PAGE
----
It is an illusion to believe that leaving Europe will somehow restore national sovereignty when our utilities, including our energy security is largely dependent on French and Chinese governments deciding whether or not things like nuclear power stations are built. British steel’s future is determined by Indian entrepreneurs and German and Japanese companies will decide the long term health of our car manufacturing industries. Decades of privatisation of the public sector has seen outsourcing contracts, (look at what’s happening currently in the NHS) to US Corporations. American companies have staff living, working, lobbying government and courting health executives here in the UK, ready to invest and offer ‘improvements’ to the NHS. Of course they are not interested in the nonprofitable areas of healthcare. They are working for shareholders, for whom profit is the critical thing. These things are a much greater threat to British sovereignty than EU regulations and bureaucracy.

There is also the issue of the escalating and damaging problem of housing, particularly in London and the south-east. So many properties in central London are now owned by Russians, Chinese and Saudi Arabians. Vast tracts of land throughout Britain are being bought by the Chinese. How ridiculous to think that the EU and migrant workers are a threat to British sovereignty when under our noses we have thrown open the doors to nations whose values and ways of life and work are so alien to the European values that are rooted in Christendom. The power and influence of US corporations, China, India and Russia will not be diminished by coming out of the EU. Nor will the government find itself in a stronger position to persuade anyone to pay a fair contribution towards our civil society through taxation. Ironically, it is the EU that has taken measures to try and stop our markets being flooded by cheap and inferior imports from China. Legislation worked on by the ‘bureaucrats’ in Brussels, at the instigation of elected members of the European Parliament, legislation, that our own UK government has chosen to ignore. So much for being dictated to. A bit of protectionist policy on foreign imports proposed by the EU might have helped to prevent the closure of steel works on Teesside and remove the cloud of uncertainty that hangs over Port Talbot and Scunthorpe. We have exported our sovereignty worldwide through globalisation since the 1980s. As one commentator has put it; The Brexit illusion but fog in the channel will cut off the continent from the mainland will do nothing to change that reality.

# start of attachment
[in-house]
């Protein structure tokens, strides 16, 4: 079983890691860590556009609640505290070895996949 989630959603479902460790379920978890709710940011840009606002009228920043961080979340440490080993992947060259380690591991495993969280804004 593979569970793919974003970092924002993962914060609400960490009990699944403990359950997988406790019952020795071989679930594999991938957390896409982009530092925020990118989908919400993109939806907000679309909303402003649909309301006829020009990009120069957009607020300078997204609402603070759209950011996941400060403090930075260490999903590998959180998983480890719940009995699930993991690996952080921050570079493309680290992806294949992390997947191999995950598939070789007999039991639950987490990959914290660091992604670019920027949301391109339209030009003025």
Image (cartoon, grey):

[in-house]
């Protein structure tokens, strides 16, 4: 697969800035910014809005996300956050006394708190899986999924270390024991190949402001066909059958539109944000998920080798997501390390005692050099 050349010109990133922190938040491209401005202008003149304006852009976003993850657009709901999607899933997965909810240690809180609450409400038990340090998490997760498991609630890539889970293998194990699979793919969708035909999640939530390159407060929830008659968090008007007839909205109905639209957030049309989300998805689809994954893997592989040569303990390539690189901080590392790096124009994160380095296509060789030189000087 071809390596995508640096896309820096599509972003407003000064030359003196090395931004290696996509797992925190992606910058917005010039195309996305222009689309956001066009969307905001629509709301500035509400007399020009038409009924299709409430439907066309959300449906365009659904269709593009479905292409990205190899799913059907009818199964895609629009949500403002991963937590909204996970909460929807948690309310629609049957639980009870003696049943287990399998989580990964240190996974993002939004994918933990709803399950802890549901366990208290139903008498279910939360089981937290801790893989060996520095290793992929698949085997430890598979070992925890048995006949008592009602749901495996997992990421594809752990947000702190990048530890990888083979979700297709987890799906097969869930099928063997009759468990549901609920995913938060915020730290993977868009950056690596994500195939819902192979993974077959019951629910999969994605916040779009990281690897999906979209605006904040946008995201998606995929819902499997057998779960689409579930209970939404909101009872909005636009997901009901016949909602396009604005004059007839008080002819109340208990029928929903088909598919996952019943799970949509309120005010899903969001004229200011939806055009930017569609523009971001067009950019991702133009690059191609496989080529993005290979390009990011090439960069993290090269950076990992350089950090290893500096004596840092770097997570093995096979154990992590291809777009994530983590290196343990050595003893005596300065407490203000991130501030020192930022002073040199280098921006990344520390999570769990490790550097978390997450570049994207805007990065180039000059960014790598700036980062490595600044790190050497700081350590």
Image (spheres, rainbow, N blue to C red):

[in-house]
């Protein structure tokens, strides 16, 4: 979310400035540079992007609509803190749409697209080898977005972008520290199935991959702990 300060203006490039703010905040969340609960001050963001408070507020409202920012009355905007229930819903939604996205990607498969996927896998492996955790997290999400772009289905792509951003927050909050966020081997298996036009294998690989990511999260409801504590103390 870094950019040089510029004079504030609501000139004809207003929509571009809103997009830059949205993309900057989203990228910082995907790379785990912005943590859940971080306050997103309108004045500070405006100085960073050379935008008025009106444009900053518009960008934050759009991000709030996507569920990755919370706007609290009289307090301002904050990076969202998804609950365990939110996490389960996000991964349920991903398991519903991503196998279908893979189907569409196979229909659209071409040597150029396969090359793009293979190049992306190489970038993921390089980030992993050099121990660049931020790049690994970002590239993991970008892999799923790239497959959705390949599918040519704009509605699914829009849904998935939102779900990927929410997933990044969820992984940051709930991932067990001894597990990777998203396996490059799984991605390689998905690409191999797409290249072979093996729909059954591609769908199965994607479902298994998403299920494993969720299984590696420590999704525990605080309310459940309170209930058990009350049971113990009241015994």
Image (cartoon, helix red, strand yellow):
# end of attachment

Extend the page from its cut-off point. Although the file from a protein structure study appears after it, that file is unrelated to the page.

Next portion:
A Unease over Referendums


I confess also that I have a great unease about the use of referendums. Historians, political analysts and psephologists (people who study and analyse elections) know only too well that Goebbels and Hitler used referendums to shape public opinion in Germany in the 1930s. It was Josef Goebbels who said that, the most effective form of persuasion is when you are not aware you are being persuaded.

I am fascinated and intrigued by Social Identity Theory. This relates to a person’s sense of who they are based on their affiliation with a group. The theory was put forward by the psychologist Henry Tajfel, who was best known for his pioneering work on prejudice and social identity. He highlighted the idea that people gain their sense of identity and self-esteem from the groups that they associated with. e.g. social class, family, football team, church, etc. Such groups give a sense of social identity, a sense of belonging to the social world. He said that we increase our self-image by enhancing the status of the group to which we belong. So, when I go to watch Middlesbrough play football and we are doing well, I will often hear the crowd singing, “We’re the finest team in football, the world has ever seen” (how deluded can you get!). More seriously, we can increase our self-image by enhancing the status of our nation, “Britain is the best in the world“. If you take that on board then consciously and unconsciously we start discriminating and holding prejudicial views against others, that is, the group we don’t belong to. For example, think of some of the things that some Brits say about the French, or Scots say about the English and vice versa. What particularly concerns me and I listen or observe it nearly every day in the run-up to the European referendum is the anti-European language and attitudes that are being expressed, against the Germans, French, Brussels, the bureaucrats. ‘We are British‘ and what I sense is a powerful and very persuasive mixing up of what it means to be patriotic and nationalistic. I think what often gets confused is patriotism and nationalism. I am quite patriotic, (well actually I am quite confused about who I should be shouting for when the Home Nations play one another in the rugby, with historic family allegiances coming from three different nations!) but being patriotic is different from being nationalistic. It is I believe possible to be patriotic and not nationalist.

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Social identity theory observes the power of creating self-esteem and identity by enhancing the status of the group to which we belong. It inevitably leads to a sectarian attitude of, “us” and “them”. We categorise people. It is known as the in-group (us) and out-group (them). Social identity theory states that the in group will discriminate against the out group to enhance their self-image. This is what is going on in Britain currently. The central hypothesis of social identity theory is that those who belong to the in group will seek to find negative aspects of an out group, thus enhancing their self-image. The attitudes and language, now permeating the conversations and discussions and debates about the Referendum are creating prejudiced views which feed racism, breeds sectarianism, nurtures division and fosters suspicion, mistrust, fear, conflict and provides the context for violence and war.